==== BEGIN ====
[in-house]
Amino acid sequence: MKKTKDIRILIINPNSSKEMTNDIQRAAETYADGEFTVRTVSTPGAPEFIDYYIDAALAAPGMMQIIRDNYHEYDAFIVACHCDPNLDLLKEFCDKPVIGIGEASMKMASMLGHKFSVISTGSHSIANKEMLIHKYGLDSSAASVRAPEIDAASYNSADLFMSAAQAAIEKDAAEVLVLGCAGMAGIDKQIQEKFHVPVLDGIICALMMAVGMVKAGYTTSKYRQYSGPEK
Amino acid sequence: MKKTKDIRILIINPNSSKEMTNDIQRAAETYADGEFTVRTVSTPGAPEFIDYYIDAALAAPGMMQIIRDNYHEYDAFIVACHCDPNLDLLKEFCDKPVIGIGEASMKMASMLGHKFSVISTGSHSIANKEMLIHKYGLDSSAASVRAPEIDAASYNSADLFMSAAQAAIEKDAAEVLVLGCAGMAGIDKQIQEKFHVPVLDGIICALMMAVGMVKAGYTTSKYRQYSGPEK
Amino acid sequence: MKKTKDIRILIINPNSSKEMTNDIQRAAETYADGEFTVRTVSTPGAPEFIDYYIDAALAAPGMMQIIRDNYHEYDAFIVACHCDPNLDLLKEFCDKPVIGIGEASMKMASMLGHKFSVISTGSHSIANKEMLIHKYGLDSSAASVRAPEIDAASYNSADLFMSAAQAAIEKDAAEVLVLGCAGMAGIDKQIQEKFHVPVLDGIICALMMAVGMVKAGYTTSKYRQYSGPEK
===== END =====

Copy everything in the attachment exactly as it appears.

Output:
[in-house]
Amino acid sequence: MKKTKDIRILIINPNSSKEMTNDIQRAAETYADGEFTVRTVSTPGAPEFIDYYIDAALAAPGMMQIIRDNYHEYDAFIVACHCDPNLDLLKEFCDKPVIGIGEASMKMASMLGHKFSVISTGSHSIANKEMLIHKYGLDSSAASVRAPEIDAASYNSADLFMSAAQAAIEKDAAEVLVLGCAGMAGIDKQIQEKFHVPVLDGIICALMMAVGMVKAGYTTSKYRQYSGPEK
Amino acid sequence: MKKTKDIRILIINPNSSKEMTNDIQRAAETYADGEFTVRTVSTPGAPEFIDYYIDAALAAPGMMQIIRDNYHEYDAFIVACHCDPNLDLLKEFCDKPVIGIGEASMKMASMLGHKFSVISTGSHSIANKEMLIHKYGLDSSAASVRAPEIDAASYNSADLFMSAAQAAIEKDAAEVLVLGCAGMAGIDKQIQEKFHVPVLDGIICALMMAVGMVKAGYTTSKYRQYSGPEK
Amino acid sequence: MKKTKDIRILIINPNSSKEMTNDIQRAAETYADGEFTVRTVSTPGAPEFIDYYIDAALAAPGMMQIIRDNYHEYDAFIVACHCDPNLDLLKEFCDKPVIGIGEASMKMASMLGHKFSVISTGSHSIANKEMLIHKYGLDSSAASVRAPEIDAASYNSADLFMSAAQAAIEKDAAEVLVLGCAGMAGIDKQIQEKFHVPVLDGIICALMMAVGMVKAGYTTSKYRQYSGPEK